At any time an observation in an original series is the combined impact of three distinctly different notional influences. Each of these influences contributes to the movements of the original series. The relative contribution of each influence varies between series, and indeed over time, for an individual series. These influences have different characteristics which enable them to be identified and quantified when sufficient data are available. The three influences on the original series are the systematic calendar related effects, trend behaviour, and residual/irregular factors.

The systematic calendar related influence represents the combined effect of seasonal cycles, trading or working-day patterns, pay-day effects and the systematic impact of moving holidays. Each of these above influences has one characteristic in common - they operate in a sustained and systematic manner that is calendar related. Taken together they are known broadly as the 'seasonal' effects.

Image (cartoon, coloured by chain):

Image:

There is a stark contrast between the seasonal effects and the residual/irregular factors. This latter influence gives rise to volatility in series because it represents the hiccups and transient activities that occur in socioeconomic behaviour, as well as unavoidable aspects of the data collection process such as sampling error, and non-sampling statistical error. In many situations, the irregular factors are thought of as distractions, masking the underlying behaviour of the series. In general they are not usually regarded as relevant determining factors for business decisions or policy advice.